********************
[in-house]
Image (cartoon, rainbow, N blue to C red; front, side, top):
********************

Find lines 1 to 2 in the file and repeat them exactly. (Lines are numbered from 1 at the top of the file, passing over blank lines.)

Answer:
[in-house]
Image (cartoon, rainbow, N blue to C red; front, side, top):